How to test an API that must be authenticated via session?

vows: plural of vow

Noun: A solemn promise.
Verb: Solemnly promise to do a specified thing: “one fan vowed, “I’ll picket every home game.””.

Oh wait..

Asynchronous behaviour driven development for Node.

I should… test every method I expose to the client..
Since the Vows documentation is very awesome, and I already have another post that explains the strategy used on the API, there is no need to much talk; just not that this code is still very early in maturity.
Straight to current code [ test/api-test-authed.js ]

 * run the site at localhost, port 8010
 * run vows --spec test/api-test-authed.js

var request = require('request'),
    vows = require('vows'),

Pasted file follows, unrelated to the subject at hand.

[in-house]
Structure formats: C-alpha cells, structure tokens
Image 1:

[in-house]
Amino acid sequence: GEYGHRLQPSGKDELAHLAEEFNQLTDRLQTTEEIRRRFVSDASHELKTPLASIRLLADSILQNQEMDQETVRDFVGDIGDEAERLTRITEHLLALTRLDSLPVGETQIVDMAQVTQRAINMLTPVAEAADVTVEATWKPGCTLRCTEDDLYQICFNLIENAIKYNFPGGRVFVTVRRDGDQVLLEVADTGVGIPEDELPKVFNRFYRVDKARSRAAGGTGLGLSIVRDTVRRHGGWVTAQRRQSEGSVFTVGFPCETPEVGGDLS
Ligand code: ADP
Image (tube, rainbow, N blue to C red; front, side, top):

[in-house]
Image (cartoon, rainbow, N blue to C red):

assert = require('assert'),
    apiUrl = "http://localhost:8010/",
    cookie = null

var apiTest = {
  general: function( method, url, data, cb ){
    //console.log( 'cb?', cb )
        method: method,
        url: apiUrl+(url||''),
        json: data || {},
        headers: {Cookie: cookie}
      function(req, res){
        cb( res )
  get: function( url, data, cb  ){ apiTest.general( 'GET', url, data, cb    )  },
  post: function( url, data, cb ){ apiTest.general( 'POST', url, data, cb   )  },
  put: function( url, data, cb  ){ apiTest.general( 'PUT', url, data, cb    )  },
  del: function( url, data, cb  ){ apiTest.general( 'DELETE', url, data, cb )  }

function assertStatus(code) {
  return function (res, b, c) {
    assert.equal(res.statusCode, code);

function assertJSONHead(){
  return function(res, b, c ){
    assert.equal( res.headers['content-type'], 'application/json; charset=utf-8' )

function assertValidJSON(){
  return function(res, b ){